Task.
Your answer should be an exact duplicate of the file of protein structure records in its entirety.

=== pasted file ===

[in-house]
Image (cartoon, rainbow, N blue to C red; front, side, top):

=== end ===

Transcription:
[in-house]
Image (cartoon, rainbow, N blue to C red; front, side, top):